The recent eruptions in cities including our own have elicited many proposals. These proposals fall in to two anemic categories: talk or money. How many summits can we hold and see such feeble results? How much money can we throw at problems and still leave people in despair?
We need both short term and long term solutions: short term to give people hope and long term for fixing the problem permanently.
What costs nothing and guarantees results? Character development. Too simple, ridiculous, you say. Think again. Every culture has the equivalent of the Golden Rule. If absolutely everyone treated others as they want to be treated, imagine our city. We would eliminate crime as well as the inequalities of wage, race, education and gender, even road rage and the list goes on.
How does character development begin? Here’s what happens when summits or money are the only calls for action: we individuals are let off the hook. We are left feeling unimportant and led to believe our personal actions don’t matter. I believe collectively we are more influential than so called experts, discussion groups and governmental grants. Those take forever to come to fruition. We do not have the luxury of committee meetings.
Let me give details. All of us rich, poor or middle class; professional, blue collar or retired; young or old, any gender and any race or ethnic group can contribute. In fact, all must be engaged or nothing improves. All we have to do is treat others as we want to be treated.
Here are three areas we can improve immediately.
Education. Everyone goes to school so let’s start here. Beginning immediately, teachers and staff will come to school every day eager to model responsible, caring adult behavior and deliver the best content for the students’ future. Families will send their children to school well rested, fed breakfast, homework done and words of encouragement. Watch our schools improve under this plan with no hit to the budget. Ask Brown Deer High School Principal Tosha Womack about the efficacy of character development.
Law enforcement. Police will think of all people under their jurisdiction as neighbors, which, in the greater sense, they are. Citizens and neighborhoods will respect the efforts of law enforcement and fire departments when they come to their localities. Children will learn from their elders that the police are there to assist and protect them.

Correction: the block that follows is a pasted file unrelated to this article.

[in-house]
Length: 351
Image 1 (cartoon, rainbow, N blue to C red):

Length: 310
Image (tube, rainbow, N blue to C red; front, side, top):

Employment: Help wanted signs for both skilled and entry level jobs are all over the city and state. Apprenticeship programs are in need of applicants. Businesses could hold more job fairs to facilitate applications. On the employees’ side of the equation, they must show up on time appropriately dressed, and rarely miss work; they should consider themselves team players and constantly work to improve their knowledge. Finally, retired business executives including CEOs could volunteer their expertise at schools with problems. How about letting these proven executives manage the school building? The schools should readily accept the offers. PPC Partners, Inc. employees say 95 percent of fellow employees and the company “treat me the way I want to be treated.”
Character costs nothing and requires no capital outlay. For people of character there is no finger pointing, no blame, and no excuse. Mutual respect is the only requirement. Let’s stop talking and stop waiting on an expert in Washington D.C. to come bail us out. Our situation is dire at the moment. We are told to be patient. I say we won’t be patient, we know what to do: treat others as we want to be treated, it’s powerful and infectious.
Richard R. Pieper, Sr. is non-executive chairman of Glendale-based PPC Partners, Inc.